Let’s be honest, when you first heard of the Orange Strategy, there was a sense of excitement that probably resonated deep within your soul. If you are hearing about it for the first time today it probably excites you as well. How could it not? Here is a cutting-edge idea, set to revolutionize the way […]
Let’s be honest, when you first heard of the Orange Strategy, there was a sense of excitement that probably resonated deep within your soul. If you are hearing about it for the first time today it probably excites you as well. How could it not? Here is a cutting-edge idea, set to revolutionize the way the church does ministry to families. That should cause immense excitement!
Excitement is a good thing. It is a great thing. But we have to harness that excitement in the right way while we include the leaders and families that mean the most to our ministry and we don’t waste the opportunity. Let me explain.
Over the course of the past three years I have had the chance to serve as the minister to children and families at First Baptist Church of Fort Lauderdale. I was asked to come to this church to specifically focus on helping this church implement the Orange Strategy with its families. Throughout this journey I have encountered many other leaders who are experiencing the same thing that I am: it is difficult. But to quote Tom Hanks in A League of Their Own, “If it was easy everybody would do it, it’s the hard that makes it great.”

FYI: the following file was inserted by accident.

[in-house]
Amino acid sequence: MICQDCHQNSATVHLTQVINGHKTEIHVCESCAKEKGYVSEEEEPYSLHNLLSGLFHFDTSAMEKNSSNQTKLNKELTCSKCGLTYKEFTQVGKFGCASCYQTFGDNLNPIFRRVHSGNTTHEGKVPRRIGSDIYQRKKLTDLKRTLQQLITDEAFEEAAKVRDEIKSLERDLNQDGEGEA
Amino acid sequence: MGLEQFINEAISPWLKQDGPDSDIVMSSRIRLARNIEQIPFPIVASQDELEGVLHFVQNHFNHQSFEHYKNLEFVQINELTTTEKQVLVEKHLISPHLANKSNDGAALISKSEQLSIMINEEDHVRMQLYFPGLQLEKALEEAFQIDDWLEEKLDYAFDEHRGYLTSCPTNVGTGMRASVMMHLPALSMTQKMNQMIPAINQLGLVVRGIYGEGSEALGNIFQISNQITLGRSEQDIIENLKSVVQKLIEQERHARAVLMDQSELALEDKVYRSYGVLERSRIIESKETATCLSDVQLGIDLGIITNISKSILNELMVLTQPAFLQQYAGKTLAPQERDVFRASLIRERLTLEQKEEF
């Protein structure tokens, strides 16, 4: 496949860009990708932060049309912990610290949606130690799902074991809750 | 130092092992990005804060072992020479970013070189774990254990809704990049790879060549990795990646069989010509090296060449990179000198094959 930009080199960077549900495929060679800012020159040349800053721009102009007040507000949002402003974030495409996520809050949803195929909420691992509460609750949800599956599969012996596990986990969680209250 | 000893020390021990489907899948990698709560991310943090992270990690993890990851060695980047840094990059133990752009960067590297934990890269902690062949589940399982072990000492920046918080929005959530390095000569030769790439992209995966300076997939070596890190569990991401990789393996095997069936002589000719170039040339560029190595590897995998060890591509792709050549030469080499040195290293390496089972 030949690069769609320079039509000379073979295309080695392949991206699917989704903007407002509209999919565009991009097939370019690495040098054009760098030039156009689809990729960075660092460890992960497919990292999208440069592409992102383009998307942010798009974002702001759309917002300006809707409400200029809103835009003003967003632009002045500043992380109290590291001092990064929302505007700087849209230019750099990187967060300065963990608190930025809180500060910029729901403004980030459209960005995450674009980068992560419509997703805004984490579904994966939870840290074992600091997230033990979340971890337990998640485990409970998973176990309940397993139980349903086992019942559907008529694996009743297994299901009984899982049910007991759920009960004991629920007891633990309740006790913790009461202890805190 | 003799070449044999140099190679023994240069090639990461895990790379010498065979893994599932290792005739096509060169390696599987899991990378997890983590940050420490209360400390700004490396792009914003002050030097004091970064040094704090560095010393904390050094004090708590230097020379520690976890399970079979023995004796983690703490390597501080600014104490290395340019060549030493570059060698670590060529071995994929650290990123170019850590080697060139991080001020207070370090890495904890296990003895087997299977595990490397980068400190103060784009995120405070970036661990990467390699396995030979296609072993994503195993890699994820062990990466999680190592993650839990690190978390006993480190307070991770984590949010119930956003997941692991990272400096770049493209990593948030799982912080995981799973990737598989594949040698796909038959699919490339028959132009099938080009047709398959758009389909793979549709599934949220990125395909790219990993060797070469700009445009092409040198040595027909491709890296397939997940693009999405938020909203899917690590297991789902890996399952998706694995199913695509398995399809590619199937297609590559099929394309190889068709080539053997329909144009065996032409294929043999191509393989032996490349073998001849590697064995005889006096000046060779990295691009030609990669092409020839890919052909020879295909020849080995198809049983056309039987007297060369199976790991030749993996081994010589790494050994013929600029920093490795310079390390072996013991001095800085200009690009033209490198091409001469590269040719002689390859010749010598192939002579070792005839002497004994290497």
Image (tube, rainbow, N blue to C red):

Regardless of the fact of how hard or easy the task is, I have encountered leaders who say the same thing over and over “This didn’t work,” “We failed,” “We blew our opportunity.” All of this discussion seems to be surrounded by two crucial mistakes: communication and pace. Leaders continually say that they did not communicate properly and that their pace was too quick for their people. Some leaders have gone to their church without a clear understanding of the strategy and have miscommunicated. I met a leader at The Orange Conference last year who proclaimed “I am going home and implementing this on Sunday!” After hearing about it for the first time that week.
This opportunity that we have is one that has the ability to change the world. This strategy is revolutionary. Don’t lose your influence with your church because of communication and pace. Over-communicate, give your people time to understand what this means and how to implement it. To do that, though, you have to understand it too.
Adam Duckworth has been involved in family ministry for over 10 years beginning right out of high school. Adam completed a language arts and public relations degree from the University of Toledo and then went directly into full-time ministry in Southeast Michigan. He is currently the minister to children and families at First Baptist Church of Fort Lauderdale in Fort Lauderdale, Florida. Adam and his wife, Katelyn, relocated in November of 2008 from Michigan to help lead FBCFL through their Orange transition. In the summertime, you can find Adam hosting and teaching at Camp KidJam.